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Unit information: Quantum Device Engineering in 2016/17

Please note: you are viewing unit and programme information for a past academic year. Please see the current academic year for up to date information.

Unit name Quantum Device Engineering
Unit code EENGM0010
Credit points 15
Level of study M/7
Teaching block(s) Teaching Block 4 (weeks 1-24)
Unit director Professor. John Rarity
Open unit status Not open




School/department Department of Electrical & Electronic Engineering
Faculty Faculty of Engineering


This unit continues the theme of the Quantum Engineering programme by taking the theory and models of

the co-requisite units and putting them into practice. Optoelectronic and related quantum optical devices

encompass a large range of modern technologies, from fibre optics to silicon semiconductors, and students

will gain both theoretical and practical experience in a wide range of examples of specific components.

Importantly, these components lend themselves to integration into larger devices and systems, which will

also be addressed in the course, bringing engineering techniques to bear on the problems of quantum

technology. There is a practical component that will include visits to laboratories and/or fabrication


Topics to be covered will include: a review of applied classical optics, non-linear sources, sub-Poissonian

and squeezed states, single photon sources (dots, NV centres), photon detectors, theory of waveguiding,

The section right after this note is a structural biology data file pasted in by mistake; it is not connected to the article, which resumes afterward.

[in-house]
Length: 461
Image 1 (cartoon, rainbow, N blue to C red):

single photon interference, multiphoton interference and limits to visibility, introduction to quantum key

distribution systems, introduction to optically detected magnetic resonance, introduction to linear optics

schemes, systems engineering, fabrication, verification.

Intended learning outcomes

Having completed this unit, students will be able to:

  1. Describe the working principles behind quantum optical devices.
  2. Describe design criteria for waveguide circuits.
  3. Explain the basics of fabrication methods.
  4. Describe the principles of classical system verification.
  5. Perform practical laboratory and/or industrial techniques.
  6. Demonstrate working knowledge of electro-optics that translate across science and engineering.
  7. Quantify the complexity of scaling technology up to industrial scales.

Teaching details

The course will consist of lectures. There will be a practical experience component comprising approximately 20% of the contact hours.Contact Hours Per Week 2-4.Student Input: Approximate breakdown, 30 contact hours, 120 hours of private study and assigned work. The latter might include some hours spent in practical situations.

Assessment Details

Short written reports on practical aspects totalling no more than 3000 words, 100% (All ILOs)

Reading and References

M. Fox, Quantum Optics an Introduction, Oxford University Press, 2006.

M. Fox, Optical Properties of Solids, Oxford University Press, 2010.

Any material specified by the instructor.